With Tuesday’s news that Dale Earnhardt Jr. is leaving NASCAR after the 2017 season, Hendrick Motorsports would seem to have multiple internal and external candidates to fill the ride.
Earnhardt’s No. 88 Chevrolet would be the top-tier opening for 2018. The car is prepared in the same building as the No. 48 of seven-time series champion Jimmie Johnson and is a teammate to Chase Elliott and Kasey Kahne. Since taking over the No. 88 in 2008, Earnhardt has made the playoffs in six of nine seasons, notched nine victories and finished top 10 in points three times (he might have again in 2012 if he hadn’t been sidelined for two races by a concussion).
Some of the decision assuredly will depend on sponsorship (in a statement, Nationwide said it fully supported Earnhardt’s decision and would continue its relationship with the 14-time most popular driver beyond 2017), but here are a few names to consider — starting with two already in the Hendrick fold:
—William Byron: Signed to a developmental deal with the team last August, he unquestionably is the future of Hendrick Motorsports along with Elliott.
Byron, 19, showed prodigious talent as a rookie in the Camping World Truck Series with a circuit-leading seven victories (he was robbed of the championship because of a mechanical failure while dominating Phoenix). He is only seven races into his Xfinity career but is a solid second in points with five top 10s and two top fives.
There will be questions about whether it would be rushing too much to promote him to Cup in his third full season in a NASCAR national series, but if he’s the eventual solution, why wait to promote him? Kyle Larson was moved into Cup after only a full season of Xfinity, and his development into the 2017 points leader has proved the pitfalls that surrounded Joey Logano’s entry into Cup as an inexperienced teenager can be avoided.
—Alex Bowman: He filled in admirably for an injured Earnhardt with three top 10s in 10 races last year (qualifying on pole position at Phoenix and leading 194 laps). Bowman, who turned 24 today, also ran full time in Cup from 2014-15, so he has 81 starts in the premier series as well as five top fives in 50 Xfinity starts.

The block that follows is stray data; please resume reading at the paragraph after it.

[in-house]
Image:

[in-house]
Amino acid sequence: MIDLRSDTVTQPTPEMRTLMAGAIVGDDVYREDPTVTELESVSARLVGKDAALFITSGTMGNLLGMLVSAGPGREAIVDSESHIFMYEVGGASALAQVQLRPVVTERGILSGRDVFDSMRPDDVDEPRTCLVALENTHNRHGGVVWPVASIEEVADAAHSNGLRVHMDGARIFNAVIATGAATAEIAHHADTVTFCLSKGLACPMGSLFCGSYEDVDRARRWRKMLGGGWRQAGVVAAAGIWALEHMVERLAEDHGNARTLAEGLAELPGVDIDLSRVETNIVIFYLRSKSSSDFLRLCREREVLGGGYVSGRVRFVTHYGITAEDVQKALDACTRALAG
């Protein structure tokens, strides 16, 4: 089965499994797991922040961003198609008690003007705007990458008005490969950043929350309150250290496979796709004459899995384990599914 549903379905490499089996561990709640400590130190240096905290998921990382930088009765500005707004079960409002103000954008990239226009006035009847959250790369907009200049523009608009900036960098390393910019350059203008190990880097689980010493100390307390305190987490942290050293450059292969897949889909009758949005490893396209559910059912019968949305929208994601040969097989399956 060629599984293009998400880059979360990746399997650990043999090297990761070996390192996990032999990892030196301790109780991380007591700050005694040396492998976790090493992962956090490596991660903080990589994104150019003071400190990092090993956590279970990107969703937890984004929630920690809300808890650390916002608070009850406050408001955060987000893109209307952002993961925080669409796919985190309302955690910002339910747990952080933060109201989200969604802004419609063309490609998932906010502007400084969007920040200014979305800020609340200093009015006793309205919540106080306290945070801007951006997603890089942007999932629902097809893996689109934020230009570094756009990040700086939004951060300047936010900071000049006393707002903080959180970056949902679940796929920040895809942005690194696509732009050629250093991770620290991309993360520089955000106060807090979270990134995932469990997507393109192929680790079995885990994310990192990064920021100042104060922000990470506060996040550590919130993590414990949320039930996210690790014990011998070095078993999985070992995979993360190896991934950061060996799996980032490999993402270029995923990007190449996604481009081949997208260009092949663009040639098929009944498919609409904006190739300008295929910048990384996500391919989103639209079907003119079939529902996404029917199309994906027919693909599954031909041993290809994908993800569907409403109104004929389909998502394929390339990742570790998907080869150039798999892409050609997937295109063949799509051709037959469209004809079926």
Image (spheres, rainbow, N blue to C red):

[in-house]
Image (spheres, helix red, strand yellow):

Still under contract to Hendrick, his yeoman work on the driving simulator has drawn praise from the organization and its drivers.
But the Tuscon, Ariz., native still doesn’t have a resume that is eye-catching as Byron’s, and his upside might be a more difficult sell to sponsors.
—Carl Edwards: Since stepping away from NASCAR in a stunning announcement three months ago, Edwards steadfastly has maintained he isn’t retired. While visiting Atlanta Motor Speedway to help rookie replacement Daniel Suarez with his former No. 19 Toyota, Edwards brought his helmet and firesuit just in case.
He seems open to driving in Cup again, though he is remaining coy about it. Asked by NBC Sports if the No. 88 was an opportunity he would consider, Edwards jokingly replied, “You may have it mixed up. I’m recruiting Dale to drive a tractor!” (He also added he was happy for Earnhardt, and that it would be a great ride for someone.)
With 28 victories in the Cup series and a megawatt smile and sponsor appeal, Edwards’ name figures to come up whenever there is an opening, even if he seems to be enjoying life on his farm in Columbia, Mo. He also was courted by Hendrick about a decade ago (which Jeff Gordon confirmed in 2011 when Edwards was in the midst of re-upping for the last time with Roush Fenway Racing).
–Any other qualified veteran: Hendrick could decide Byron isn’t ready for the No. 88 yet next season but is the answer for 2019.
Would it make sense to consider putting NBCSN analyst Greg Biffle (who has indicated he still would like to race), another driver with winning credentials (such as David Ragan or Regan Smith, who has Hendrick and JRM ties) or a youthful driver with Cup experience and a win in a national series (hello, Parker Kligerman) in the No. 88 to keep the seat warm for Byron in 2019?
Given that Hendrick waited a year for Kahne to join its ranks, and Stewart-Haas Racing did the same with Clint Bowyer, it isn’t an implausible scenario.